Deferred, but not defeated

The call to activism started at a young age for Juan Sebastian Mosquera. He experienced violence firsthand growing up in Colombia. At one point, his grandparents were displaced from their home and forced to leave their city by an armed group. The situation unfolding around him was serious; it was also the driving force behind his desire to work as a peacebuilder.

In high school, Mosquera found himself drawn to organizations that work to build peace and prevent violence. He quickly became an active member of these organizations and clubs, all working to prevent conflict and assist in the transition from war to peace.

A cross looking over a bustling city. A cross overlooking Cartagena, Colombia.
A cross overlooking Cartagena, Colombia.

His passion and commitment to social justice led him to an internship at a UNICEF-supported project, which turned into a meaningful career in this organization. In his role as a United Nations volunteer on violence prevention, Mosquera helps develop strategies to identify if a child is at risk of being recruited for armed conflict in remote and rural areas and to activate institutional and community-based protocols to prevent this. His team supports the implementation of programs and strategies for the peace agreement in Colombia.

It’s a challenging role, made even more intense by the global pandemic and government shutdowns. He was previously conducting fieldwork, but now supports the organization on the administrative end and delivers technical assistance to implementing partners and stakeholders from home.

Colorful graffiti on a wall next to a highway. A woman is holding up two doves and a saying above her says 'Peace is Ours'.
Graffiti in Bogota Colombia, translates to: “Peace is Ours.”
Juan wearing a bright blue UNICEF jacket, watches a child play with a soccer ball.
Juan Sebastian Mosquera is pictured in a field visit in the municipality of Soacha, Colombia.

“We should, at the moment with the pandemic, stop a lot of our fieldwork, [but] our fieldwork saves a lot of lives because the armed groups were not in a lockdown as we were,” he says. “They continue to fight, continue to recruit children, so it was very concerning for us.”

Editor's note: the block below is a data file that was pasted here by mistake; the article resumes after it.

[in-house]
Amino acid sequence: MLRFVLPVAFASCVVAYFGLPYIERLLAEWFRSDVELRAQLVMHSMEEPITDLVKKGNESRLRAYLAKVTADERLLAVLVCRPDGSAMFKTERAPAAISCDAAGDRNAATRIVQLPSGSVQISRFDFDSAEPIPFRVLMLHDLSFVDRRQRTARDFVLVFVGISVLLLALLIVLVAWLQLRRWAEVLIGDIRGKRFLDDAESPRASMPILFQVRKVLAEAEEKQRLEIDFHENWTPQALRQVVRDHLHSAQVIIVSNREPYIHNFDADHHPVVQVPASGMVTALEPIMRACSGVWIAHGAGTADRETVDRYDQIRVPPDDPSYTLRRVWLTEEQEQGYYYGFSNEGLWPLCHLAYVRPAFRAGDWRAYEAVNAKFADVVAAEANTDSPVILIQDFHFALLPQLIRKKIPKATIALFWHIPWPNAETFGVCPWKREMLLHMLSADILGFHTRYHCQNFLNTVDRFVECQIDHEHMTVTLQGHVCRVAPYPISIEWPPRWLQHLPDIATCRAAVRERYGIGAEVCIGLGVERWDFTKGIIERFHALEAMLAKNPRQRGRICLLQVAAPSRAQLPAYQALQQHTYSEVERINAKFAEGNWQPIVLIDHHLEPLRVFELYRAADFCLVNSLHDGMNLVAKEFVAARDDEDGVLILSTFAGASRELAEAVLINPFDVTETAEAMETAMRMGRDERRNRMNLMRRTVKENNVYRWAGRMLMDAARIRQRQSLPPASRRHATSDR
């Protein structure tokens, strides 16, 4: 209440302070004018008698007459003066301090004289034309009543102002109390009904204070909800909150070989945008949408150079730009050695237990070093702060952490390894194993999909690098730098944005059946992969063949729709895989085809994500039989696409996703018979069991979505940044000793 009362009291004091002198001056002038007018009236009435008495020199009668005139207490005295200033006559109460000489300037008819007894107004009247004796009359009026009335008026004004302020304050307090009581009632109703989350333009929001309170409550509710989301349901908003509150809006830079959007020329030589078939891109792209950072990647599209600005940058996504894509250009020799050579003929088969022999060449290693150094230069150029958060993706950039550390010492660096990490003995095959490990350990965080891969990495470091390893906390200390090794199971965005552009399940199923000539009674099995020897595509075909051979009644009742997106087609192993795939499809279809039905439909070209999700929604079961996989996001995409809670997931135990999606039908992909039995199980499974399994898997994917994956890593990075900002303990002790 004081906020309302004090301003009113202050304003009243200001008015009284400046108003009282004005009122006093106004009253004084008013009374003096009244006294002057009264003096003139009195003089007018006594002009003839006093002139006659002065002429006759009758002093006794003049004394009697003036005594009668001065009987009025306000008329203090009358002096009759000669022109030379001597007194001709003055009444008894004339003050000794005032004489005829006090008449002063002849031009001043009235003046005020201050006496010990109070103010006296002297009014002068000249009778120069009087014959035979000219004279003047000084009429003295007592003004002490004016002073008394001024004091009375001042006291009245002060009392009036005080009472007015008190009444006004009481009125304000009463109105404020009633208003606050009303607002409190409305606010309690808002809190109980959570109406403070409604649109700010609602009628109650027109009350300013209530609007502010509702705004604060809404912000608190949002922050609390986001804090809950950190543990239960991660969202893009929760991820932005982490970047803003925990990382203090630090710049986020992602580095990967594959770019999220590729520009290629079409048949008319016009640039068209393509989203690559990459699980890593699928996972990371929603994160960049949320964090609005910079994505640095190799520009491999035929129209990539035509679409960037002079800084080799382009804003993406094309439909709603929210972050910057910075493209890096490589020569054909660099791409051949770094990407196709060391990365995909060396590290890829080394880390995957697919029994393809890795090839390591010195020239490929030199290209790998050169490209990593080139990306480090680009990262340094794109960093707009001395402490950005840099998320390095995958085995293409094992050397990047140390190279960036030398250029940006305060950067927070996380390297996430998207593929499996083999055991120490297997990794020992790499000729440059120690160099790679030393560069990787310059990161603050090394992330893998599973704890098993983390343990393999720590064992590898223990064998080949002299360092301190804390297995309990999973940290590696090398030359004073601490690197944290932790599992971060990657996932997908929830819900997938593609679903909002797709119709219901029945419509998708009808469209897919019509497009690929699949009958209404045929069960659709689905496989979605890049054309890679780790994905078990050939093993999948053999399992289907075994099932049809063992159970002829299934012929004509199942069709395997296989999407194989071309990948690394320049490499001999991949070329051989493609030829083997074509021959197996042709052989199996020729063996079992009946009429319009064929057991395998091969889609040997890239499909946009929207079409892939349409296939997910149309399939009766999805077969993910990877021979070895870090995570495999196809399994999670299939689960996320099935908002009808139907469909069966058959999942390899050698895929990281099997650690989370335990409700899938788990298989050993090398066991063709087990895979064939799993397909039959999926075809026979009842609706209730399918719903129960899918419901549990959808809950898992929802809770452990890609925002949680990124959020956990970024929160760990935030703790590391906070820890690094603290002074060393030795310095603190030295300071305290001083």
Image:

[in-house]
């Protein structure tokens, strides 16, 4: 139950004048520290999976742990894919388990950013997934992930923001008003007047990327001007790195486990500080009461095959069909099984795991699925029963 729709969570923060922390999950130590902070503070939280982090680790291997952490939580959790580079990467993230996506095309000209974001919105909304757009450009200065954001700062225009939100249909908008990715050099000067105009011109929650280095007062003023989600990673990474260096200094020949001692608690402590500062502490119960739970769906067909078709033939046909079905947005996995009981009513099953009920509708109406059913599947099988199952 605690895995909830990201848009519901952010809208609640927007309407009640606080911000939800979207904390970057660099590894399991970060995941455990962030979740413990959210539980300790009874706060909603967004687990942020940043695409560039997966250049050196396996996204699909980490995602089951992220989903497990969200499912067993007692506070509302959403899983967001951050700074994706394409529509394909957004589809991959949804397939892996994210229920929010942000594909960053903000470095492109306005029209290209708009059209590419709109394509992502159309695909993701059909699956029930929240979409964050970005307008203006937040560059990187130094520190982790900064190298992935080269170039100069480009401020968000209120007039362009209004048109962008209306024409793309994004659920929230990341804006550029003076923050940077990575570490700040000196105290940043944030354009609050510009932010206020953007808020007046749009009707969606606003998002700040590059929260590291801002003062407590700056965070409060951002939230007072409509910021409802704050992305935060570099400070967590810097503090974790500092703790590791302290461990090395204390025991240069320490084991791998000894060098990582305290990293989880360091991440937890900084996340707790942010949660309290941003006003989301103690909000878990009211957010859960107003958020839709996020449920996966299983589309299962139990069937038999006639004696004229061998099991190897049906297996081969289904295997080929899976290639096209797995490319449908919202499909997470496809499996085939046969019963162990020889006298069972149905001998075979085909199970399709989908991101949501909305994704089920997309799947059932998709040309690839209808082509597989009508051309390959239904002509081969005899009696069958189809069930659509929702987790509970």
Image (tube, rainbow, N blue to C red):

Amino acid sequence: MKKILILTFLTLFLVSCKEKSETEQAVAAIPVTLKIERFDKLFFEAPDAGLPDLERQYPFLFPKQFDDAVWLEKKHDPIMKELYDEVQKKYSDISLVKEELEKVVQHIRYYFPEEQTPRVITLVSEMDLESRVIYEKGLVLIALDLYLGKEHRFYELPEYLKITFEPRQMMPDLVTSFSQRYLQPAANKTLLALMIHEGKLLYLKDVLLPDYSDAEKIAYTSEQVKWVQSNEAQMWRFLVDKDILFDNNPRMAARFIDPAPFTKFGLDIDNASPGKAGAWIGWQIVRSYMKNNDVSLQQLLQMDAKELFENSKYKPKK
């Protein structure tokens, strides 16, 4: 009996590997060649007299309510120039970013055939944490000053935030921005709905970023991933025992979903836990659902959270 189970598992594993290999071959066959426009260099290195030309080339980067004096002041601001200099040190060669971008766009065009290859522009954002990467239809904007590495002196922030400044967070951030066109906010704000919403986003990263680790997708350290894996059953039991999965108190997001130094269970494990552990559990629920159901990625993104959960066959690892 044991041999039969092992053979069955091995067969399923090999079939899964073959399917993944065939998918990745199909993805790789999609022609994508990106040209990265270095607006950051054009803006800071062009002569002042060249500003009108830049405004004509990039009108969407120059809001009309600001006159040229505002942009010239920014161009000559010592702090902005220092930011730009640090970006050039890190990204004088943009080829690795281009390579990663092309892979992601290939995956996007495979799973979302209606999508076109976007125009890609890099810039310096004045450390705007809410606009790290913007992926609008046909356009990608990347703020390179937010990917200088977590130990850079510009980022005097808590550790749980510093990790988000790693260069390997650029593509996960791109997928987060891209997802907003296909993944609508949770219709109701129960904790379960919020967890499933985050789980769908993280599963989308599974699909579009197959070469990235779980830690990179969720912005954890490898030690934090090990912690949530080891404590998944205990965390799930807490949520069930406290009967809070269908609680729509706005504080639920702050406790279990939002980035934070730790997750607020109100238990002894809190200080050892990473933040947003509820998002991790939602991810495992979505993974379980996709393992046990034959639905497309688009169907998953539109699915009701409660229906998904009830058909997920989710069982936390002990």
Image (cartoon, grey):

His team continues to build strategies that support peace-building programs and continues to check in with their counterparts, community leaders and program participants.

“Keough talks about human dignity and social justice. It was a school that was very engaged in promoting integral human development; I wanted to be part of this.”

During his time at UNICEF, he came across the work of the Keough School’s Kroc Institute for International Peace Studies. He was surprised to learn that an American peace institute was leading work and contributing to peace efforts in Colombia. While researching the Kroc Institute, he learned about the Master of Global Affairs program.

“I was drawn to the value of education,” says Mosquera. “Keough talks about human dignity and social justice. It was a school that was very engaged in promoting integral human development; I wanted to be part of this.”

As the semester approached, the pandemic was intensifying in Colombia. Mosquera made several attempts to secure a visa to enter the United States, but the country was heading into a lockdown. Shortly after, the borders closed, flights were cancelled and ultimately the embassies were closed.

“It was a very sad situation for many international students,” reflects Mosquera.

With all options exhausted, the Keough School offered him a deferral until the spring semester. That’s when the student advisory council (SAC) reached out in hopes of connecting him to his cohort and the University.

Individuals on a Zoom video call; smiling, laughing and gestering.
Mosquera participated in a virtual training session with his colleagues from UNICEF.

“We began collaborating together, checking in on our particular situations and becoming friends before getting to campus,” he says.

Mosquera was ultimately elected to the SAC and found himself advocating for not only his situation, but the situation of his entire cohort. From his home in Colombia, he began working with the Keough School and with University administration to better support international students through their local government agencies.

Juan sits at his computer desk.
In March 2020, Mosquera started working from his home in Bogotá, Colombia.

“I know the situation is very complicated for all of us and brings great uncertainty also for the University,” says Mosquera.

Using WhatsApp, he is on regular calls every day with his classmates, discussing their personal lives and figuring out ways to get everyone to campus by the spring.

“I feel like we’ve built a community, even in this strange situation,” he says. “We just met through the internet and exchanged a lot of emails, but I feel like I have also become friends with colleagues and people at the University administrative level. I feel like I am part of the Notre Dame community.”

Mosquera was able to receive his visa and has arrived at Notre Dame to begin the spring 2021 semester. This story was part of a series of international student stories published by Notre Dame International. Read “A semester, interrupted.”

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